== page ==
If you do a quick search for copywriting tips, you’ll encounter similar advice. The sales pages with the highest conversions focus on the pain points of the customer, and how your product will solve them.
The way I see it, novel writing is no different. If you want readers to buy your books, you need to take their expectations into account at some point—if not when you’re writing, then at least afterward.
To sum up the above three paragraphs: audience before speaker; customer before product; reader before author.
By putting readers first, it doesn’t mean that you write by committee or cater to the lowest common denominator. It just means that before you send your story out into the world, you ask yourself, Okay this was fun for me…but will it be fun for my readers?
What single piece of advice would you give to new authors?
The advice I’d give is to make sure that you work on cultivating the right mindset. In fact, I’d put that above even developing plotting and marketing skills.
With a healthy mindset, when you run into a thorny plot problem, you won’t give up on the manuscript (or perhaps on writing itself). Instead, you’ll persevere. You’ll power through.
Do that enough, and eventually you’ll become so good that your work can’t be ignored. Literary agents will reply to your query letters; the Amazon algorithms will show your books some love.
Put another way: they say overnight success is 10 years in the making. You need grit to make it through those 10 years.
Other than your own books, what book on the craft of writing would you recommend to our readers?
I really like Write Away by mystery novelist Elizabeth George. It emphasizes the importance of connecting your scenes through cause and effect, which is a good lesson to learn early on. Also, her book will train you to avoid writing scenes that are heavy on dialogue, but low on concrete details, so it just feels like two heads are talking to each other.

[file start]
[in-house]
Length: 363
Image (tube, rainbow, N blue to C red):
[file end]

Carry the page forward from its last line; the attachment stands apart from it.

I’d also like to recommend Julia Cameron’s The Artist’s Way. It’s a great book to help you learn how to overcome the inner critic and enjoy the process of creating art. (I know you said one craft book, but because mindset is so important, I wanted to add it to the mix.)
What are some of your favorite works of fiction?
My all-time favorite book is Pride and Prejudice.
In terms of genre, currently I’m into YA romances like To All the Boys I’ve Loved Before by Jenny Han and The Distance Between Us by Kasie West.
I’m also a fan of mysteries, especially Elizabeth George’s Inspector Lynley series (which is another reason why I love her writing guide—it explains how she plotted the books in the series).
What do you do when you want to get away from work?
When I want to take a break, I like to watch Graham Norton clips on YouTube.
The best episode is the one with Matt Damon, Bill Murray, and Hugh Bonneville. Search for it now; thank me later *wink*
I also like to bake, but since I’m trying to reduce my sugar consumption, I bake a lot less than I used to. I need to find a new hobby…green smoothies perhaps?
Where can we find out more about you and your work?
You can find more about me and my writing guides on my website scribemeetsworld.com.
If you want to develop your structure skills, check out my article on the 8 essential plot points in a script outline (don’t worry, the essential plot points are the same for novels).
After that, download the Ultimate Story Structure Worksheet. At 18 pages, it’s comprehensive, but not overwhelming. And it’s free 🙂
If you want to explore story stakes, read this article on what stakes are and how to raise them. You can also download the cheat sheet with 11 types of story stakes that I mentioned earlier in the interview.
Thank you, HRD, for sharing your expertise with us!
Thanks again, Kay, for having me today. I wish you and your readers lots of luck with all your writing endeavors!